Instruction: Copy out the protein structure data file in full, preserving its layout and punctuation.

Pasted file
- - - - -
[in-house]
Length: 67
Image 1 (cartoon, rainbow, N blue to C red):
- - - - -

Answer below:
[in-house]
Length: 67
Image 1 (cartoon, rainbow, N blue to C red):